High Toughness Cermets for Molten Salt Pumps

Period of Performance: 06/12/2017 - 06/11/2018


Phase 1 SBIR

Recipient Firm

Powdermet, Inc.
24112 Rockwell Dr Suite A
Euclid, OH 44117
Firm POC
Principal Investigator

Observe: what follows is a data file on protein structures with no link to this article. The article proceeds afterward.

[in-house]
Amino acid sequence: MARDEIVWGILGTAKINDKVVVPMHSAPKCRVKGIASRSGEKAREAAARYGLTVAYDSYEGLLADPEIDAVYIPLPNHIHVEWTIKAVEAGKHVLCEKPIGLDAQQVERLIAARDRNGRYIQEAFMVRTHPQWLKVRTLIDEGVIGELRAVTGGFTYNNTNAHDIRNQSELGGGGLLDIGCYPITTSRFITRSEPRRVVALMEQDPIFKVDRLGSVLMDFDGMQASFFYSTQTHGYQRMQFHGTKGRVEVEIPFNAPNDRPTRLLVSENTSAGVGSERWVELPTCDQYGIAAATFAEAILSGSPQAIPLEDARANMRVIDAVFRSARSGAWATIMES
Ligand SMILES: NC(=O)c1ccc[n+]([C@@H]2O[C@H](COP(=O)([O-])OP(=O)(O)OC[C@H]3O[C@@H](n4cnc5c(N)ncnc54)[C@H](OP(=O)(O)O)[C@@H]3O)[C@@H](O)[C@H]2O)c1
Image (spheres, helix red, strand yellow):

Concentrated solar power has been identified as a clean process for the generation of electricity that is calculated to achieve cost competitiveness with conventional generation with systems operating at over 700⁰C. The high temperature and the corrosive properties of the heat transfer fluid and thermal energy storage media represent an extreme environment for concentrated solar power components. New materials and designs offering long life performance and lower cost are required for impellers, bearings and seals used to pump the molten chloride salts used. This project will validate the application of ultra-high toughness hierarchically designed metal matrix ceramic nanocomposite materials for molten metal pump impellers, seals, and bearings. Metal matrix ceramic nanocomposite materials offer very low friction in poorly lubricating fluids, and are extremely erosion and wear resistant, similar to diamond like carbon and chrome coatings, in a structural material that has mechanical properties equal to tool steel. These materials are comprised of a repeating nanocomposite unit encapsulated in a high toughness, corrosion resistant binder phase, and combine the best properties of metals and ceramics, providing high wear and erosion performance and toughness required for durable bearing, impeller and sealing elements, with the ability to withstand extreme stresses such as hot salt immersion and salt freezing and melting without failure. Phase 1 of this program will test these materials in molten chloride salt environments to verify their performance and cost effectiveness leading to the fabrication of low maintenance, durable, and reduced energy (through reduced friction) pumps for concentrated solar power systems. Corrosion resistance, static and dynamic, at temperature in molten salt and mechanical properties will be compared to current materials. Capability, quality and cost assessments of the manufacturing process will be completed during fabrication of typical parts. Pump manufacturers will provide guidance. Phase II will include the fabrication of prototype parts, specific application qualification testing and preparation of production processes and documentation. Pump manufacturer customer relationships and agreements will be established. The products developed in this program will be only one application for metal matrix ceramic nanocomposite materials. This new class of very hard and tough materials provide a platform technology to solve bearing and wear problems in commercial and military applications, in turbines, heavy equipment, material handling equipment and others. Wear and corrosion cost an estimated $1.2T annually in repair and replacement costs and unplanned downtime. Metal matrix ceramic nanocomposite materials are enabling for reducing corrosion, friction and wear in mechanical systems.